As for things like menu pricing and off-premises, CEO and founder Kent Taylor said Texas Roadhouse can look back four years and see it’s up 22 percent versus some of its competitors, and that’s after doing things “the old-fashioned way, primarily.”
The traffic arrow supports that. Also, Texas Roadhouse is appreciating average-unit volumes north of $5 million and wants to get to $6 million. It’s simply going to take staff to get there, Taylor said. “We feel like we're pretty focused and doing a lot of the right things to keep our guests coming back and bring more guests in the door,” Colosi added. “So we're paying attention to the different trends in the industry, I'll tell you that. But in some ways, we've seen some of these things before, which seem to work pretty well in the short term and then maybe don't work so well in the long term.”
The company typically meets every fall and sits down with its market partners, reevaluates pricing as it looks to November/December and then makes the call. The pricing in Q2 ran about 1.3 percent, with 0.8 percent taking at the end of March and 0.3 percent in mid-December of 2017. Another 0.5 points rolled off in May.
Colosi said, following a bit of a downturn during the Great Recession, dollars per store week and profit-sharing have been “straight up” for Texas Roadhouse’s operators. “They also recognize a lot of that is supported by the great value that we have on the plate, of which pricing is a big part of that. So they are pretty protective, and they do think pretty long term,” he said. “And many of them are big believers that they'll gladly take on that challenge of driving more traffic to help offset whether it's inflation or investments in any particular line item. They're just as much of a party to keeping prices aggressive as any of us are in the room here.”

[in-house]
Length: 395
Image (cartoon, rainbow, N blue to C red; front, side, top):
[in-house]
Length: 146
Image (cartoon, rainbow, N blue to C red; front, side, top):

Now, whether this changes over time is a different topic. Colosi said it would be interesting to see in states where minimum wage is rising rapidly whether those operators will request higher price increases. “And I wouldn't be surprised if we took prices up a little bit. We have historically in some of those states where minimum wage went up quite a bit. So we'll see how that all shakes out, but just like we do at the more senior level, our operators, they also think very, very long term and are pretty patient.”
It’s been an evolving conversation for Texas Roadhouse following a few years of pretty significant food cost deflation, which in turn helped Texas Roadhouse ease labor inflation. Yet this year that food deflation isn’t part of the picture, and margins have felt the pressure. Over the years, Colosi said margins have bounced around a bit, averaging around 18 percent, and “that’s a good place for us,” he said. “Yes, we don’t get too bent out of shape if it falls a little bit. Nor do we want it to get too high just because maybe our prices are getting ahead of us, if you will, on the value side. So we keep watching. Obviously, there's a difference between labor and food, meaning, labor is much less cyclical. Labor generally more permanent, wage rates go up. They generally don't come down. Whereas food goes up and down. So the labor is a bit more concerning and a bit more challenging for us longer term. But we’ve dealt with it before.”
Colosi compared the climate to 2007 when federal minimum wage lifted from $5.15 to $7.25. Tip wage also hiked in some states.